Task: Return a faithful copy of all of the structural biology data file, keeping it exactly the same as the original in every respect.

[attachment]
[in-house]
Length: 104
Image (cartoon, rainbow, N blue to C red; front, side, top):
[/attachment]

[in-house]
Length: 104
Image (cartoon, rainbow, N blue to C red; front, side, top):